At twenty-five Bryony Watson is the youngest Stella Maris port chaplain, covering Grimsby and Immingham in Lincolnshire. Before taking up her post two and a half years ago, she had been a volunteer ship visitor, assisting contacts in local Catholic parishes with the collection of Christmas shoeboxes, woolly hats and warm clothing.

After graduating from university in 2015 with a degree in fine art, Bryony had considered a career in teaching. Through her ship visiting she had become passionate about helping seafarers, so when a vacancy for a port chaplain came up she felt this was what she wanted to do full-time.

She found working in a very masculine world a daunting prospect at the beginning, but she soon found that the seafarers she met treated her with respect.

If she meets a female seafarer, they welcome the opportunity to have a chat with another woman, especially in situations where they are the only women on board the vessel.

Recently she met a female seafarer who said how exhausting it could be as the only woman on board, adding that she felt that to be respected even half as much as her male colleagues she had to work twice as hard.

For Bryony, the main thing she has learnt as a ship visitor and a port chaplain is the importance of really listening to someone, being there, being open, and giving the time to allow them to talk. Also, she has discovered never to under-estimate the power of a woolly hat and bars of chocolate!”

In July, at the Curzon cinema in London’s West End, Cardinal Vincent Nichols presented Hannah Forrest with the Pope Francis award from the charity Million Minutes, which celebrates the contributions young people make to creating a better society through putting Catholic social teaching into action.

For the last two years, the twenty-four-year-old psychology graduate has been a Stella Maris ship visitor in the port of Plymouth. While unemployed, she had had seen an advert for Stella Maris volunteers, and she thought ship visiting sounded interesting and something she could do.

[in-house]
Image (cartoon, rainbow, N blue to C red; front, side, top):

She was aware of the work of Stella Maris from the Sea Sunday appeals each year in her local church. And she knew the seafarers had long contracts, and that they were away from their families for a long time.

However, visiting the port in Plymouth for the first time, she was amazed to discover that even on huge ships there was only a small crew. She felt she had discovered a hidden world, and one that had been there all along during her time growing up in the city.

She soon learned about the strain seafarers experience when they are away from their family for long periods. One visit to a ship that sticks in her mind was when she met a seafarer with a young child back home. He had over four months left of his contract, and said he was homesick. He told her he was worried that his daughter wouldn’t recognise him, or would be intimidated by him when he returned home.

Hannah listened, gave him encouragement, and tried to reassure him that everything would be okay. When she prepared to live the ship, he said to her that having the opportunity to be able to open up to someone about his worries had really helped him. After being at sea for several months, he just needed someone to talk to.